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An Alternative Sensory World: Witnessing Sunn O)))

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Photo by Kim Nicolini.

I don’t go to a lot of concerts. When I do, I pick carefully. I am a huge fan of art rock, and I want my live music experience to be just that . . . an experience. I don’t want to sing along. I don’t want to tap my foot. I want to FEEL. The last two concerts I went to were the Japanese art rock band Boris and Seattle’s legendary Melvins, masters of drone metal. Both were transcendent experiences. They plummeted me into multilayered dimensions of sound that transported me beyond the concrete world of the ordinary, including the closed box of commercial music.

When I found out this past Wednesday that Sunn O))) would be playing at the Rialto Theater here in Tucson that very same night, I immediately wanted to go, even though I knew this 54-year-old working mom probably shouldn’t drag my ass to a show on a work night, especially to a pummeling art rock show. But then again, I also knew that experiencing Sunn O))) was something I needed. I needed it like a drug carved from sound, something to take me out of the workaday world and the world of bills and pressures and responsibilities. I could escape . . . and touch the intangible.

Sunn O))) was influenced by the Melvins and has often collaborated with Boris, but they are also famous for their entirely own thing. The band is named after the brand of amplifier they use in their performances, and they like to say that the amps are the real stars. The band churns out extremely slow, extremely loud, body-penetrating sound featuring long notes pulled out of two guitars in dialogue with each other. Delay, reverb and the undercurrent of sound create audioscapes without percussion or rhythm. No drums, the core of the band features the founding two guitarists – Stephen O’Malley and Greg Anderson – who use their guitars and occasional bass, amps and effects to create a completely immersive music experience. The two guitarists face each other, allowing their instruments to create luminous feedback and communicate through a low undulating nuanced wall of sound.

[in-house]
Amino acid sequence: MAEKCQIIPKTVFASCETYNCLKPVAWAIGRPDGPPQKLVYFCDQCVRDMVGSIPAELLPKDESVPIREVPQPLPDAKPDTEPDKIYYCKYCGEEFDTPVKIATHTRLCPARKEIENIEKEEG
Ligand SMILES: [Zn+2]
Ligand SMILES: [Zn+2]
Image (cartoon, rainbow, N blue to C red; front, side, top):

This is basically how I described the band to the guy at work who asked me if I was going to the show. He’s an engineer, mathematician and music enthusiast. When I explained how Sunn O)))’s music functions, he asked, “How could you miss it? You gotta go.”

The concert was billed to go from 8-10 pm with two opening acts. I am a one act girl. If I go, I go for the band I want to see. Like everything else I do in my life, I pour a thousand percent of myself into listening to and experiencing music, just like I do art, movies, parenting, and life. So if I was going to go, I was going to just catch Sunn O))). Come 7:45 pm, I was out running in the desert, when I looked west and witnessed the giant red ball of the setting sun sinking behind the mountains. I realized it was telling me something: “If you miss Sunn O))), you will regret it for the rest of your life. Go! Now!”

The sun was right. I ran home as fast as I could. I threw on a pair of jeans, t-shirt and sneakers, and rushed downtown. I pulled into a parking spot one block from the theater at 9:10 pm, walked up to the ticket booth, bought a ticket, found out the band was going on at 9:40, and realized my timing was perfect. Clearly, it was meant to be.